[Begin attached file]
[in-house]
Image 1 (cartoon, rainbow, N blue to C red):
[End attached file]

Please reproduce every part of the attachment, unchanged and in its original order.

[in-house]
Image 1 (cartoon, rainbow, N blue to C red):